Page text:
Canada Beethoven and Mozart: Takacs Quartet (Edward Dusinberre and Karoly Schrantz, violins; Geraldine Walther, viola; Andras Fejer, cello), with Erica Eckert, second viola; Vancouver Playhouse, Vancouver, BC, 9.12.14 (GN)
Beethoven: String Quartet in B-flat Major, Op. 130
Mozart: String Quintet in G minor, K 516
Long-standing annual visits by the Takacs Quartet have provided a wonderful stream of illumination, in core repertory from Haydn through Dvorak, a superlative Beethoven cycle, and more recently the quartets of Benjamin Britten. Nonetheless, there has been one composer that has been notably missing, and that is Mozart; it was just last year that we were able to see a performance of his “Hunt” Quartet. As it turned out, the interpretation often stressed rhythmic punctuations in the spirit of Haydn—this is one of Mozart’s “Haydn Quartets”—while the feeling of the Adagio moved much deeper, perhaps to the same inner reaches found in the slow movements of Haydn’s profound Op.76 quartets or in Mozart’s sublime later string quintets. The current concert actually featured the famous G-minor Quintet, K516, the companion to the composer’s two G-minor symphonies—works all identified with his deepest and most tragic output.
The Takacs’ reading of Beethoven’s Op. 130 has long received accolades, not least when it was issued in the ensemble’s 2005 Decca set of “Late Quartets,” and is known for its angularity as well as its illuminating integration of all Beethoven’s complex and fragmented utterances. I liked this current performance even more than its predecessors. It was perhaps less terse and uncompromising but it captured its underlying emotional flow even more surely. There was an increased sense of wonder in the opening movement, but also a greater foreboding darkness, successfully combining both with its tensile strength and establishing a more complex range of emotions and colour. The middle movements provided telling hints of the composer’s emotional instability, eventually showing a world where any trace of serenity vanishes. Then, the Cavatina: burnished, noble, flowing and subtle, never flinching from its message from beginning to end. A buoyant and strongly detailed finale provided organic unity.
It was interesting to hear this performance just ten days after the young Doric Quartet had given a very fresh and attractive interpretation of the same piece. I am still taken by the Doric’s work, but it only took a minute or two to recognize how much more serious and ‘big’ the Takacs are, having considerably stronger instrumental voicing and sinew. Perhaps there is little room for charm or tender intimacy in this work, but the Dorics found it in many places, and their Cavatina was particularly moving.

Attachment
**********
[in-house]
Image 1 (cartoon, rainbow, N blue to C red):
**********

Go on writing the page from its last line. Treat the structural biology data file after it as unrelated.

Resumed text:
Imagine, for a minute, that the Takacs Quartet took salient features of their approach to late Beethoven and applied them to the Mozart G-minor quintet. Until this concert, I had never really thought of this possibility, having never regarded late Mozart and late Beethoven as comparable objects. Yet the inner detailing, the rhythmic tightness, and the raw strength of the viola projections in the opening movement suggested this to some degree. The sforzandi of the following Minuet were unusually strong—like daggers thrown down, followed by an empty still. And, yes, I could feel touches of late Beethoven (or even later) in the two Adagios, which had a very 19-century projection in the outpourings of first violinist Edward Dusinberre. All very intriguing but there was something missing. Despite greater dynamic projection, with more obviously ‘romantic’ expressions of tragic feeling, there wasn’t really a moment-to-moment tragic ‘story’ that unfolded with intimacy, fluidity, and inevitability. In fact, I found the Takacs often tended to be emotionally uniform, not picking up the many quicksilver changes that are so important to the Mozartian narrative. Part of this might have been that the admirable Dusinberre was, at least on this evening, somewhat too generalized in his expression.
It is far from unintelligent to consider a larger, more structural reading of this quintet, but perhaps I am spoiled by the classic performances of Arthur Grumiaux and friends, the Talich Quartet and the Griller Quartet, which are so disarmingly strong in Mozartian credentials that they are difficult to forget. Their lightness and buoyancy, always intertwined with a tragic, often veiled, inner voice, makes their readings fluid, cohesive, and overwhelming. How is it that so much celestial radiance and beauty can be this tragic? In the finale, the Takacs carried on their approach with consistency, but I found the phrasing somewhat too clipped, with too many accents. A longer legato line and more pliability of texture and phrase would have created a more interesting journey—up the mountains and down the valleys—to an eventual resting place.
Previously published in a slightly different for on http://www.vanclassicalmusic.com